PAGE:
Resellers' traditional revenue streams from installation and upgrades are under threat following Microsoft's announcement to develop its own network computer.
At its professional developers conference in Long Beach, California, earlier this month Microsoft warned that dealers would have to change the focus of their service offerings if they wanted to survive in the world of zero administration on the desktop.
The warning came after the software giant announced its own cheap PC solution, the Net PC, having previously scoffed at Sun's idea of a network computer.
Worried that it might be seen to be losing its lead in the desktop market, Microsoft tried to steal Sun's thunder by launching its Net PC one day before Sun announced its Java Station. By coming up with its own version, the vendor has been able to carefully position the machine as part of the PC and Windows family, not as a replacement. It is now talking about thin clients as if selling stripped-down versions of Windows was always part of its long-term strategy.
Jim Allchin, senior VP of desktop and business systems division at Microsoft, claimed total cost of ownership (TCO) was even more important than the Internet to Bill Gates.
Paul Maritz, group VP of Microsoft applications and platforms, hinted at the headaches the firm has suffered during its two technological upheavals. 'The Internet was a major challenge. It happened earlier than most people realised and forced us to change our strategy,' he said.
'Now Microsoft and the resilience of the PC and Windows architecture is being tested again with the challenge of distributed computing.'
While admitting that distributed computing and TCO was a challenge, Maritz was keen to emphasise that it did not signify the end of Windows' rule on the desktop. 'We are investing $1 billion in and around Windows to make sure we can get Windows and the PC platform to adapt and be the platform of the future,' he said.
TCO is based around two items, the Net PC and what Microsoft refers to as 'zero administration' of software. According to Microsoft, 60 per cent to 70 per cent of cost is incurred through hardware and software upgrades, which is often lucrative to the reseller.
The Net PC specification is a closed box, designed to prevent user modification and expansion. The company aims to take away cost by automating changes such as software upgrades, and by moving as much as possible of the administration and maintenance burden to centralised servers.
Gates backed up his revision to developers, saying: 'The amount of changes to the hardware that will be required during the life of a PC are minimised. In most cases, the only additional thing you would do is add more Ram and because it's a uniform hardware configuration you've got very low cost.' The benefits to users will be reduced support costs, a stable hardware platform and a lower initial purchase price.
According to Microsoft, its offering brings one large benefit to customers, and to Microsoft in particular - corporates can build on the investments they have already made. One user claimed that it had reduced the cost of support by $25 million, partly because the firm could sack 50 per cent of its IT professionals.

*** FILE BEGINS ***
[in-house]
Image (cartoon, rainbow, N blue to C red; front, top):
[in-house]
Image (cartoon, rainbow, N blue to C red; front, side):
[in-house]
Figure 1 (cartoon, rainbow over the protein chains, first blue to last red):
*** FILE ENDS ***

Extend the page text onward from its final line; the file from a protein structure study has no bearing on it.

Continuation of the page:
At first sight, the Net PC architecture - where software is upgraded centrally and the need for support is minimal - sounds like a death blow to resellers' services revenue. But according to Shaun Frohlich, MD of Microsoft reseller Bytes, it is good news.
'However much it is possible to reduce administration costs or automate installation, you will never have computers setting strategy or deciding where new users need equipment. For every #100 spent on hardware, users need to spend #20 on services, but they can only afford to spend #10.
So their requirements for services outstrips their budgets at the moment,' he said.
'When software gets loaded automatically they won't have to worry about basic support. This means zero administration is not a threat, but an opportunity because automation will free up the budget.'
Gordon McDowell, MD of distributor Micro Peripherals, believes lower service revenues will be more than offset by overall market growth. 'This just sounds like the old days when we had a big central computer and all these workstations. But if it means it brings computing to everybody then that will just increase the number of peripherals sales, so it's a good thing,' he said.
Microsoft says dealers must adapt or die. John Roberts, director of marketing for desktop products at Microsoft, said: 'If you look at the business around software, there is more money to be made on services.
The muscle behind selling in the channel is not the person shifting the box anymore, so dealers need to look at making money in services and support.
'TCO means there will be a shift from maintenance to value-added services.
This will displace the resellers' role to the extent that they have to focus on value like training, which will become very important.'
The need to get into services may be an old cry. As Frohlich said: 'Those who aren't in services have always been dead, so this doesn't change anything.'
But most dealers don't do as much services business as they'd like, and when TCO becomes the principal factor in buying decisions, they will have to develop more focused services.
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